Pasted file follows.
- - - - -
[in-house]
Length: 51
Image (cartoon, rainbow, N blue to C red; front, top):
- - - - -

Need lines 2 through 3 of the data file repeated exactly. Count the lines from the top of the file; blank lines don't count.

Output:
Length: 51
Image (cartoon, rainbow, N blue to C red; front, top):